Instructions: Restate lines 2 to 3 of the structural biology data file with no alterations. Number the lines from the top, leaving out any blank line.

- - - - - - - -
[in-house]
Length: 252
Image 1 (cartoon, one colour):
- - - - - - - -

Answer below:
Length: 252
Image 1 (cartoon, one colour):